set R of all real numbers into the interval 0,1]. De nition 2. We say that two membership functions (x) and (x) are equivalent if (x) = C (x) for some constant C > 0. De nition 3. We say that a membership function (x) is adequate for describing uncertainty of measurements if it satis es the following conditions: it is symmetric ( (?x) = (x)), (x) is strictly decreasing on (0; 1) and tends to 0 as x ! 1 for every nite sequence of pairs (a1 ; 1 ); (a2 ; 2 ); :::; (ak ; k ) there exist a and such that the product ((x ? a1 )= 1 ) ((x ? a2 )= 2 )::: ((x ? ak )= k ) is equivalent to ((x ? a)= ). THEOREM. Any membership function, that is adequate for describing uncertainty of measurements, is equivalent to exp(? x) for some > 0. (The proof is given in Section 5). Comment. So we conclude that Gaussian functions are the only adequate membership functions. These functions are really widely used K75], BCDMMM85], YIS85], KM87, Ch. 5], etc. Alternative explanation of why Gaussian functions are used is given in KR86] and in Section 8 of KQLFLKBR92]. 3

3. MATHEMATICAL FORMULATION OF THE PROBLEM AND THE MAIN RESULT De nition 1. By a membership function we will understand a continuous function (x) from the

4. HOW THIS RESULT CAN BE USED AND HOW IT WAS USED How it can be used. If for some physical quantity x several experts give their estimates a1 , a2 , ..., ak , and they estimate the precision of their estimates as correspondingly 1 ; 2 ; :::; k , then the resulting membership function is equal to (x) = exp(? (x ? a)2 = 2 ), where ?2 ?2 ?2 ?2 ?2 ?2 ?2

=(

1

+

2

+ ::: + k )?1=2 and a = (a1

1

+ ::: + ak k )=(

1

+ ::: + k ).

Comments. 1. These formulas can be easily obtained by explicitly computing (x) as a result of normalization of the product 1 (x) 2 (x)::: k (x), where i (x) = exp(? (x ? ai )2 = i2 ). 2. These formulas are surprisingly identical with the statistical formulas that correspond to the case when we have k statistical estimates ai with precisions i and apply the least squares P method i (a ? ai )2 = i2 ! maxa to get the resulting estimate for a. This is not such a big surprise, because least squares method is based on the assumption of a Gaussian distribution. The positive side is that not only the resulting formulas are extremely simple to implement, but maybe there is no need to implement them at all, because we can copy the existing statistical software.

How this result was actually used. Expert estimates are extremely important in testing the jet engines. The reason is that an important part of this testing is trying to gure out what is going on in the high-temperature regions, and the temperatures are so high there that we cannot place any sensors. So the only available information about these regions is the experts estimates.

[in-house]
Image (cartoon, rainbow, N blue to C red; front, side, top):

One of the authors (L.R.) used this fuzzy representation of uncertainty in designing software for the automatized jet engines testing system IVK-12 KR86]. This system was actually used to test jet engine for aircraft and spaceships. we determine the position of a Space Shuttle. The existing systems use several di erent types of sensors, with di erent precisions, and often with only experts estimates of that precision. In order to make appropriate control decisions we must combine these estimates into a single value. Fuzzy approach allows us to do that.

Possible other applications. One area where we believe this approach can be useful is when

5. PROOF OF THE THEOREM

Comment. This proof contains some mathematical ideas from our previous publications KR86] and KQLFLKBR92]. 1. Assume that (x) is an adequate function in the sense of the above de nition. It is easy to check that if (x) is an adequate choice, then the result (x)=(max (y)) of its normalization is also an adequate choice. Since (x) is monotone, this maximum is attained for x = 0, and therefore the result of this normalization satis ed the condition (0) = 1. So, without losing any generality, we will further assume that (0) = 1. 2. From the de nition of an adequate function it follows, in particular, that (x) (x) = C ((x ? a)= ) for some a; C and . The left hand side attains its maximum (= 1) at x = 0, the right-hand side attains its maximum (that is equal to C ) for x = a. Since these two sides are one and the same function, we conclude that a = 0 and C = 1, i.e., that 2 (x) = (k2 x) for some constant k2 (= 1= ). For l(x) = log (x) we conclude that 2l(x) = l(k2 x). Likewise, if we consider 3, 4, etc terms, we conclude that 3l(x) = l(k2 x), 4l(x) = l(k4 x), etc. 4